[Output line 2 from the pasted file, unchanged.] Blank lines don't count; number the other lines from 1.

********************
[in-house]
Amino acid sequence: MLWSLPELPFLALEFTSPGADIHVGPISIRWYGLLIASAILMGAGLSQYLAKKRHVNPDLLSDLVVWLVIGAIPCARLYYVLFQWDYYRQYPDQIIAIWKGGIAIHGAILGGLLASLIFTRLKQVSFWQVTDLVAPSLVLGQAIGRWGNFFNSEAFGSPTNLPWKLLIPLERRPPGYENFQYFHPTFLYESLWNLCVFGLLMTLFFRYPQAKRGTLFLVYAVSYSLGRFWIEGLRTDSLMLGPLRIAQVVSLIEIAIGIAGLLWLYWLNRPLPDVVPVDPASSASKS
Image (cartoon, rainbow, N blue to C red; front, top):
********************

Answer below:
Amino acid sequence: MLWSLPELPFLALEFTSPGADIHVGPISIRWYGLLIASAILMGAGLSQYLAKKRHVNPDLLSDLVVWLVIGAIPCARLYYVLFQWDYYRQYPDQIIAIWKGGIAIHGAILGGLLASLIFTRLKQVSFWQVTDLVAPSLVLGQAIGRWGNFFNSEAFGSPTNLPWKLLIPLERRPPGYENFQYFHPTFLYESLWNLCVFGLLMTLFFRYPQAKRGTLFLVYAVSYSLGRFWIEGLRTDSLMLGPLRIAQVVSLIEIAIGIAGLLWLYWLNRPLPDVVPVDPASSASKS